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2009 AMC 12A Problems/Problem 18

Revision as of 20:32, 29 December 2016 by Ev3commander (talk | contribs) (Alternate Solution)
The following problem is from both the 2009 AMC 12A #18 and 2009 AMC 10A #25, so both problems redirect to this page.

Problem

For $k > 0$, let $I_k = 10\ldots 064$, where there are $k$ zeros between the $1$ and the $6$. Let $N(k)$ be the number of factors of $2$ in the prime factorization of $I_k$. What is the maximum value of $N(k)$?

$\textbf{(A)}\ 6\qquad \textbf{(B)}\ 7\qquad \textbf{(C)}\ 8\qquad \textbf{(D)}\ 9\qquad \textbf{(E)}\ 10$

Solution

The number $I_k$ can be written as $10^{k+2} + 64 = 5^{k+2}\cdot 2^{k+2} + 2^6$.

For $k\in\{1,2,3\}$ we have $I_k = 2^{k+2} \left( 5^{k+2} + 2^{4-k} \right)$. The first value in the parentheses is odd, the second one is even, hence their sum is odd and we have $N(k)=k+2\leq 5$.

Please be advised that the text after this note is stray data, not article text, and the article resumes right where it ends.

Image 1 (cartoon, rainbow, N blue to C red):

For $k>4$ we have $I_k=2^6 \left( 5^{k+2}\cdot 2^{k-4} + 1 \right)$. For $k>4$ the value in the parentheses is odd, hence $N(k)=6$.

This leaves the case $k=4$. We have $I_4 = 2^6 \left( 5^6 + 1 \right)$. The value $5^6 + 1$ is obviously even. And as $5\equiv 1 \pmod 4$, we have $5^6 \equiv 1 \pmod 4$, and therefore $5^6 + 1 \equiv 2 \pmod 4$. Hence the largest power of $2$ that divides $5^6+1$ is $2^1$, and this gives us the desired maximum of the function $N$: $N(4) = \boxed{7}$.

Alternate Solution

Notice that 2 is a prime factor of an integer $n$ if and only if $n$ is even. Therefore, given any sufficiently high positive integral value of $k$, dividing $I_k$ by $2^6$ yields a terminal digit of zero, and dividing by 2 again leaves us with $2^7 \cdot a = I_k$ where $a$ is an odd integer. Observe then that $\boxed{\textbf{(B)}7}$ must be the maximum value for $N(k)$ because whatever value we choose for $k$, $N(k)$ must be less than or equal to $7$.

EDIT: Isn't this solution incomplete because we need to show that $N(k) = 7$ can be reached?

An example of 7 being reached is 1000064. 1000064 divided by $2^7=128$ is 7813.

See Also

2009 AMC 12A (ProblemsAnswer KeyResources)
Preceded by
Problem 17
Followed by
Problem 19
1 2 3 4 5 6 7 8 9 10 11 12 13 14 15 16 17 18 19 20 21 22 23 24 25
All AMC 12 Problems and Solutions
2009 AMC 10A (ProblemsAnswer KeyResources)
Preceded by
Problem 24
Followed by
Last Question
1 2 3 4 5 6 7 8 9 10 11 12 13 14 15 16 17 18 19 20 21 22 23 24 25
All AMC 10 Problems and Solutions

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